Where Do I Start?

Where do I start? It feels like I’ve been hit by an avalanche of stuff that relates to “ethics” that’s been having falloff for about the past four to six months. All of the underlying principles and concepts (one would think) are common knowledge and regular practice. But there are people out there who say one thing and when pressed to act, will do quite the opposite of the rhetoric they spout.

Where do I start? Maybe I should start putting my Vocabulary Builder in this blog on a weekly basis and fill it with three ethics or legal terms. No. I don’t think that would do any good. There are people out there who, like drug addicts and substance abusers, will say the word, define it perfectly, and then return to doing what they did to commit an error in the first place — as though the definition they just perfectly provided did not exist at all.

Where do I start? The concepts I’m thinking of relate to piracy, lying, misrepresentation, defamation, business slander, intentional interference with business opportunity, defamation by insinuation, fraud, stealing, espionage, confidentiality, whistleblowing. But as I survey the recruiting landscape, especially the more popular and better-known venues, these issues (along with many other things) appear to be the community standard or in layman’s terms, the standard way of doing things. These are merely the superficial tactics. They do not touch on the more colorful strategies such as staging fights in order to draw traffic and thereby justify higher advertising revenues. Nor do that reach into blacklisting (in its various forms) to prevent the competition from being seen or found and read and thereby prevented from vying along with others for similar or the same types of opportunities for business promotion and development.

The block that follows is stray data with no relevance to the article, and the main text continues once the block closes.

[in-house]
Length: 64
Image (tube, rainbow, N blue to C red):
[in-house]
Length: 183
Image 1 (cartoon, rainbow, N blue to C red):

Some are successful because of the means they use to achieve their goals. They wear angelic faces and excuse their actions by being the first to speak of what was done and gild the acts with enough truth that the untruths and support of them seem plausible. How unfortunate that the ones who are being harmed cannot speak in order to disclose the other side of the story. Those who we see as the successes are touted for their skills and resourcefulness. They teach classes on what they do so that others may replicate the procedure thereby preserving and prolonging unethical behavior. It also serves to hold the conduct up to most of the light of day and condone the practices as proper and correct.

If these practices were proper and correct, why would it then be necessary to lie about what was actually done? Why would it be necessary to use deception to induce the target to deliver information or make a change?

I look at recruiters (and business people) who cook up numbers and hold them out as attainable in order to induce their candidate to leave their present job for the more speculative one — the one with the cooked numbers. I hear about those who are fired because they could not reach inflated goals and are then left unemployed in a tight labor market with few resources to fall back on — and they have families.

Where do I start? It seems this is merely the scream before the discussion of the issues. And discussion of the issues needs to take place on a bite-by-bite basis. I will not even attempt to determine which topic has the most significant and deserves being in the spotlight first. But the bites will come. And I hope you will respond through comments here or in the Ethics in Recruiting forum.

NOTA BENE: Link to “Ethics in Recruiting” updated.

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